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Dietary sources of calcium
Dietary sources of calcium include milk and other dairy products, notes and seeds, fish, dates broccoli and other leafy green vegetables.

Roles of Calcium

  • Contraction of skeletal, cardiac and smooth muscle
  • Blood clotting
  • Control of nerve impulses
    • Increases in the level of calcium cause depression of the nervous system
    • Decreases in the level of calcium causes excitation of the nervous system
Levels of calcium are controlled by PTH. PTH causes:
  • Increased osteoclast activity
  • Decreased excretion of calcium by the kidneys


Hypocalcaemia is sometimes artificially seen in hypoalbuminaemia, because about 40% of calcium travels in the blood bound to albumin

Signs & Symptoms

  • Tetanythis most commonly occurs in the hands first, with flexed wrist and fingers together, where it is called carpo-pedal spasm.
    • Is some cases, this can be elicited by occluding the brachial artery (e.g. with blood pressure cuff). This is Trousseau’s sign
  • Seizures – due to increased excitability of neurons.
  • Increased contractility and increased neuron activity
  • Peri-oral parasthesia
  • Neuromuscular excitability – Chvostek’s sign – tapping over the facial nerve causes facial muscle to twitch
  • Cataractsin chronic hypocalcaemia


  • Renal Failure
  • PTH deficiency (hypoparathyroidism, e.g. after thyroid surgery, where the parathyroid glands have been removed) – note that is also may be associated with hyperparathyroidism when the low Ca2+ is causing the hyperparathyroidism (secondary hyperparathyroidism)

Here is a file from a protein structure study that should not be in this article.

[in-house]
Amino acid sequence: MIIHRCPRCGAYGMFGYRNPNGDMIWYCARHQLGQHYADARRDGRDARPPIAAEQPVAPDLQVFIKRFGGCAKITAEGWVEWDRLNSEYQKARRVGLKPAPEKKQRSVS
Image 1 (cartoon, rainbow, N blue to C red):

• Insufficient vitamin D
  • Insufficient calcium in diet (rare)
  • Excess magnesium in diet (rare)


Signs & Symptoms

  •  “Bones, stones, groans and psychic moans”
  • Depressed nervous system – this can lead to slow reflexes.
  • Poly uria / polydipsia
  • Decreased QT interval
  • Lack of appetite and constipation and vomiting – probably due to decreased contractility of the muscle walls of the GIt.
  • Decreased contractility and decreased neuron activity
  • Formation of calcium phosphate crystals at very high levels of Ca2+ in the blood
  • Decreased QT interval on ECG


Primary and tertiary hyperparathyroidism (PTH excess)
Bone metastases – These causes can be differentiated by looking at:

  • albumin
  • ↓ chloride
  • ↓ potassium
  • Alkylosis
  • If these three factors are present, then the cause is likely metastatic

Dehydration – may seem very obvious I know, but you should check the level of urea – as if urea is high, then dehydration (or renal failure!) is likely.
Rare causes:


  • Saline 0.9% IV
  • Correct any hypokalaemia and hypomagnesia. This will reduce symptoms and increase renal excretion of calcium
  • Bisphosphonate – e.g. pamidronate – these reduce osteoclast activity. Give a single dose. Will lower blood calcium over 2-3day period
  • Diuretics may be considered (e.g. Frusemide). Thiazide diuretics should not be used.

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Dr Tom Leach

Dr Tom Leach MBChB DCH EMCert(ACEM) FRACGP currently works as a GP and an Emergency Department CMO in Australia. He is also a Clinical Associate Lecturer at the Australian National University, and is studying for a Masters of Sports Medicine at the University of Queensland. After graduating from his medical degree at the University of Manchester in 2011, Tom completed his Foundation Training at Bolton Royal Hospital, before moving to Australia in 2013. He started almostadoctor whilst a third year medical student in 2009. Read full bio

This Post Has 2 Comments

  1. fergus

    you said if urea is low dehydration is lkely- whereas it should if urea is high dehydration is likely 🙂

  2. sarah

    My understanding is low not high magnesium from eg Gi loss or renal loss of certain drugs eg diuretics/alcohol inhibits PTH and hence cause low calcium.

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